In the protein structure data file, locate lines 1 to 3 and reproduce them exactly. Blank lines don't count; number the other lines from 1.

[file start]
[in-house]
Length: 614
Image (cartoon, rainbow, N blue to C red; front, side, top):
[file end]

[in-house]
Length: 614
Image (cartoon, rainbow, N blue to C red; front, side, top):